It's probably safe to say that not everyone would be thrilled to come across a massive spider lurking in the darkness of an old mineshaft. But for a collaborative team of North and South American scientists, it was a fantastic discovery: not only was the spider they found unusually large, but it was also a species none of them had ever seen before.
After years of research and peer review, the new arachnid received its official name just last month: Califorctenus cacachilensis, the Sierra Cacachilas wandering spider. It's named for the mountain range where it was discovered in Baja California Sur, Mexico, a part of the world where wandering spiders are quite rare, and not that well understood.
Wandering spiders are fast-moving ground predators that chase after prey rather than trapping it in webbing. Perhaps the most famous of them all is the Brazilian wandering spider, which is notorious for its aggression and dangerous venom. This new spider doesn't seem to be quite as formidable, but it is impressive in size, with an inch-long body and legs stretching four inches across.
"In all my experience over the years collecting spiders on the peninsula, I had never seen a spider this large," said Maria Luisa Jiménez of the Centro de Investigaciones Biológicas del Noroeste in Mexico, who led the study of the new species.
The very earliest discovery of the enormous arachnid actually happened back in 2013 – and the spiders weren't even there for it! A research expedition came across an unusual-looking shed exoskeleton in the cracks of a rock overhang. Recognising that this shed belonged to a wandering spider, and knowing that these spiders tend to be nocturnal, the team returned after dark to find the first living representative.
Once the researchers knew what to look for, they were able to find more members of the new species, and to collect live specimens to take back to the lab for study. Most of the spiders were discovered hanging out in the darkness of mineshafts, a fitting substitute for the caves they're probably more accustomed to.
The scientists suspected the spiders were new to science, but confirming that hunch took quite a lot of work. Identifying a new species starts with comparing it to all other related species to make sure.
"Spiders have been named since the 18th century, so you really need to look for all the literature since then," Daniele Polotow of the Universidade Estadual de Campinas in Brazil told me in an email. "The internet is a big ally nowadays, facilitating access to large libraries around the world."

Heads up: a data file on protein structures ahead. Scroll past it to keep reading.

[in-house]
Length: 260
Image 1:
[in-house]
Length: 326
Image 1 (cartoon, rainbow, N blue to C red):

"After you are sure no one before you has named this species," she added, "you can start thinking about how it relates to all other species from the same group." To do this, the researchers compiled a long list of the arachnids' features and generated a "tree of life" to tease out the evolutionary relationships between the various species.
The most famous relative of the Sierra Cacachilas species might be a mean customer, but it seems the new arachnid is not so bad. In fact, one of the expedition scientists, Jim Berrian of the San Diego Natural History Museum, reported via a blog post that he was bitten by one of the spiders without suffering any nasty side effects.
Still, being careful around possibly dangerous study subjects can be tricky. "While dealing with spiders, there is no one-size-fits-all approach," Polotow explained. "I try to be careful and use basic equipment, like long forceps or tweezers, and place [the spiders] in a secure vial."
So far, no one has studied the venom of the new species, so we can't yet be sure of its effects. "But it's always good to keep in mind that most spiders are not aggressive or dangerous [to people]," Polotow added. "There are more than 45,000 spider species in the world and only a few can be a threat to humans."
In most cases, the relationship is quite the opposite: humans are a danger to wildlife. In the case of the Sierra Cacachilas wandering spider, more study will be needed to determine its conservation status, but Michael Wall of the San Diego Natural History Museum notes that at least some of these spiders have been found in the Sierra La Laguna Biosphere Reserve. Wall organised the expedition that originally tracked down the new species.
"We can't really say much about [this spider's] relative rarity," Wall said, "but we at least know that part of its range includes a protected area."
* In an omission of similarly large proportions, an earlier version of this article neglected to mention the large spider's size. Those elusive dimensions have now been added.
Top header image: San Diego Natural History Museum